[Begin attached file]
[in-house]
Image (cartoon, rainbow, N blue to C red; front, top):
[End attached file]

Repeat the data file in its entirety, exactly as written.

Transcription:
[in-house]
Image (cartoon, rainbow, N blue to C red; front, top):